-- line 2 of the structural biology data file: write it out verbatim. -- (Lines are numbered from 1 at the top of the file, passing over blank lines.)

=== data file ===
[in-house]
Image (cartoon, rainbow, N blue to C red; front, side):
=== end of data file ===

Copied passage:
Image (cartoon, rainbow, N blue to C red; front, side):